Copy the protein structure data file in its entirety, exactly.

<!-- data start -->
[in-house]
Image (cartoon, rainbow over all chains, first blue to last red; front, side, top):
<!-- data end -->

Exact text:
[in-house]
Image (cartoon, rainbow over all chains, first blue to last red; front, side, top):